Queen Elizabeth II death anniversary: King Charles III a 'steady' force in first year of reign defined by work and warmth
On a raw winter’s morning in Aberdeenshire, King Charles III emerged for the first time since his son’s book sensationally lit a match under the royal family and plunged it into a backdraft of allegations and revelations. In response to the firestorm unfolding on both sides of the Atlantic, the king appeared on a low-key visit to the Men's Shed in Aboyne, where he warmly chatted about woodwork and bird boxes.
The visit illustrated the point the often humble business of royal duty is not easily derailed. It was a classic royal exercise in rising above the fray of controversies, just as his mother had done several times over, and presenting a show of continuity and calm in the face of crisis, whether that crisis be forged behind closed palace doors or on the national or world stage.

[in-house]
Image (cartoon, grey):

Today, the King marks one year since his accession and will do so ”quietly and privately” at Balmoral where his mother died on this day in 2022.
There will plenty for the King to reflect on as this new so-called Carolean era gets underway. His reign has so far been punctuated not only by family rifts, but a growing risk of public apathy towards the monarchy and its purpose during a period of hardship for many.
But, as he heads state and nation at a time of political and economic tension, the inspiration drawn from his mother’s bedrock of continuity may serve him well.
Chandrika Kaul, professor of modern history at the University of St Andrews, said King Charles had been a “steady and reliable” presence both nationally and internationally during his first year as monarch.